Jewish and Bar / Bat Mitzvah Traditions

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Bar Mitzvah and Bat Mitzvah Orthodox Traditions
Source: "My Bar Mitzvah" a website from Jacob Richman

Every child born of a Jewish mother or converted reaches maturity at the age of 12 for a girl and the age of 13 for a boy. At this occasion, the girl is known as a bat mitzvah and the boy as a bar mitzvah. The term refers to their new status as being subject to the privileges and obligations of fulfilling G-d’s commandments as prescribed in the Torah and as interpreted by Moses, the Prophets, the Sages and even the Rabbis, even in our generation.

Especially in our generation, where equality of the sexes is fiercely debated, the Jewish tradition of different obligations and privileges for boys and girls needs to be, not only delineated, but clearly explained so as to provide a meaningful approach to our religion as well as to our very lives.

Briefly, boys are obligated to fulfill all positive and negative commandments of the Torah and of the Sages and Rabbis. An example of a negative commandment would be the prohibition against eating pork whereas an example of a positive commandment would be the requirement to put on tefilin every day of the week (excepting Shabbat and Jewish holidays).

Girls above the age of bat mitzvah are obligated to observe all prohibitions of the Torah and to fulfill all positive commandments which do not have time dependencies. Therefore, Jewish women would be prohibited from eating pork but would not be required to observe the mitzvah of tefilin (since the commandment of tefilin has time restrictions when it may be fulfilled).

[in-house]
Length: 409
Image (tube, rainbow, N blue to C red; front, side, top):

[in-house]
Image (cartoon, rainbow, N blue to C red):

There are two important points that need to be made here. The primary reason for the difference between the sexes seems to be that Jewish women have been entrusted with the responsibility and the privilege of not only childbearing but also raising the future generations of Jews. This all-important responsibility supercedes commandments which a woman may not be able to fulfill because of her responsibility to tend to children and family.

Second, the exemption from observing mitzvot which are time dependent does not preclude a woman from observing them as time allows. There are indeed many righteous woman who observe as they can and whose prayers and observance are very dear to G-d. The Talmud lauds Beruriah who was a righteous woman who indeed fulfilled many mitzvot which were time dependent.

The most prominent mitzvot associated with bar mitzvah are talit and tefilin (although these mitzvot are neither more nor less important than other mitzvot).

The commandment to wear fringes (tzitzit) on the corners of a 4 cornered garment is only during the daylight hours (and, therefore, girls are exempt). Since we rarely wear 4 cornered garments (and the mitzvah would fall into disuse), it has become a custom to wear a talit katan (a small 4 cornered garment). There is an additional custom to wear the fringes (tzitzit) outside of our clothes so that the wearer fulfills the biblical commandment of U’Re’Item Oto (“and you shall see them).

In any case, it has become the custom for men to wear a talit (the large 4 cornered garment with fringes) draped over the wearer’s shoulders during prayers. By custom in Eastern Europe, young men (including bar mitzvahs) do not wear a talit until they are married. The custom of German Jewry was that all men above the age of bar mitzvah wore a talit during prayers. By all customs, anyone called to the torah or to participate in the ceremony of taking out and replacing the torah scroll in the ark wears a talit.

In these days of individuality, the style and design of a talit can vary from traditional white wool with black stripes to “the sky’s the limit” Agam creations. They add an element of color and individuality which should be welcomed. Likewise, women may wear a talit (but are not required to). Women’s participation in synagogue prayers is an evolving issue dependimg on the branch of Judaism, the synagogue, the rabbi, the congregants, the bat mitzvah, et al.